A decade or so ago, David Brenner, a professor of radiation biophysics at Columbia University Irving Medical Center in New York began thinking about the problem of drug-resistant bacteria. He’d lost a close friend to the scourge—that friend had gone to the hospital for routine surgery and died of a superbug he’d acquired while there.
Superbugs are a real concern and focus for the pharma industry, but Brenner, as a physicist, wondered if there might be something he could do: He thought about ultraviolet light. In so doing, he started down a path that has put him on COVID-19’s front lines.
For more than a century, we’ve known that UV light kills microbes, and germicidal UV light, at a wavelength of 254 nanometers (nm), has been used increasingly in recent decades to sterilize operating rooms, homeless shelters, and other spaces. But germicidal UV light can be harmful to humans—particularly the eyes and skin—and so its use is limited to spaces where humans will not be directly exposed. Brenner began to think about whether there was a type of UV light that could kill microbes but still be safe for the humans exposed to it.
In principle, there was: UV light at a wavelength of 222 nm (what many call “far-UVC”) cannot penetrate the eyes and skin. “We know exactly how far light can travel in any given material,” explains Brenner. “It’s pure physics.”
Brenner has spent the years since trying to drive forward the science to turn the insight into application. (He’s also given two TED Talks on the topic.) Though he was initially focused on drug-resistant bacteria, he and colleagues began thinking a few years ago about far-UVC and its potential to safely decontaminate air and prevent transmission of airborne viruses like influenza. His studies showed it worked: The light could efficiently kill aerosolized influenza virus in the air, in a setting similar to a public space.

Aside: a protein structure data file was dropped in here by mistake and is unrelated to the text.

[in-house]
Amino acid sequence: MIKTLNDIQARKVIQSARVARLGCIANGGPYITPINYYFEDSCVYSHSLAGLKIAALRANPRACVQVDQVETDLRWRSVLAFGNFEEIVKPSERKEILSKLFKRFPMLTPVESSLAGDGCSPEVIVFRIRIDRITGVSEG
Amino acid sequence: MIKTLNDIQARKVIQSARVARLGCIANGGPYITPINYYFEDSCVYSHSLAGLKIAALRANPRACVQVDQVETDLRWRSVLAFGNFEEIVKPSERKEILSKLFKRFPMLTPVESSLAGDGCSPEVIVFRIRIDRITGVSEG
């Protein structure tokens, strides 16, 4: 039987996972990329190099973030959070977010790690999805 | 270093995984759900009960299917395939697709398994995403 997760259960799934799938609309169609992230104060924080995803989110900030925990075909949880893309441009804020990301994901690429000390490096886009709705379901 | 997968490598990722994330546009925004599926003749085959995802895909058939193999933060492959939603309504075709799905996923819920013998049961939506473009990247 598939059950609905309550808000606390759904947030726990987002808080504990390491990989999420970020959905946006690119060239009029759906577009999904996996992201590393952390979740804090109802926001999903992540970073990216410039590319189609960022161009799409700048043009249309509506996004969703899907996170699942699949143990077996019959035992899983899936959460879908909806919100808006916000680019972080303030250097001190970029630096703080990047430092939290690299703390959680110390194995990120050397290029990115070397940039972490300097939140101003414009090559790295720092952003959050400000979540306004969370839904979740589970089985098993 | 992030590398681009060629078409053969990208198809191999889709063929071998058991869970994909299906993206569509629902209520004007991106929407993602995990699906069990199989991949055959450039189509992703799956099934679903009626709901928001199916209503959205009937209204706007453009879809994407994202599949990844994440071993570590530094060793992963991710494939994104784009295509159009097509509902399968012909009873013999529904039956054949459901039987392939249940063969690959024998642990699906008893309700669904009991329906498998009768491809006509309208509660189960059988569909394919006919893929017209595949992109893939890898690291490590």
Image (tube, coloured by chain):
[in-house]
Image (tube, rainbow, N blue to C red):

Cue 2020, and COVID-19, a disease caused by a highly infectious respiratory virus thought to spread, to some extent, through airborne transmission. When Brenner learned of the outbreak of a novel coronavirus earlier this year, he and his team quickly organized a study to test whether the 222 nm light would efficiently kill aerosolized human coronaviruses—unable to get SARS-CoV-2 at the time, they used types that commonly circulate and can cause the common cold—the same way it did with influenza. It did, indicating that when continuously applied at the current regulatory exposure limit, far-UVC would inactivate roughly 90% of airborne virus in eight minutes and 99.9% in roughly 16 minutes. They’re currently running the same study with aerosolized SARS-CoV-2.
“It’s another weapon in our armory. A good one,” says Brenner, who emphasizes far-UVC is a powerful tool that should supplement existing safeguards like masks and social distancing, not replace them. Far-UVC is unlikely to prevent close range transmission via droplets that occur between close contacts, but it could do a lot to reduce airborne transmission of the aerosolized droplets that have been found to linger in indoor spaces for hours.
“We need all the weapons we can get,” adds Brenner.
At a time when the U.S. is struggling to navigate school and business reopenings amid a still-raging pandemic, you might expect far-UVC light would be in use everywhere in an effort to help reduce transmission. It’s not, for a few reasons, and some experts worry the high-potential tool is not getting the attention or investment it merits at this moment.
“We’re up to our ears in the promise of the technology,” says Ed Nardell, a professor in the departments of medicine and of global health and social medicine at Harvard Medical School and a professor in the departments of immunology and infectious diseases and of environmental health at the Harvard School of Public Health. “It’s absolutely not getting the level of attention it deserves.”
For the past several months, Nardell, as well as Brenner and other UV experts, have met over Zoom every Friday as a sort of ad hoc committee on 222 nm light and moving it forward as a tool that can be deployed to help reduce COVID’s spread. “It’s definitely underutilized, definitely understudied, definitely underfunded,” says Nardell who notes that at a two-day meeting of the National Academies of Sciences, Engineering, and Medicine on airborne transmission of COVID-19 last week, 222 nm light was only raised as something of an afterthought in the closing comments of a single talk.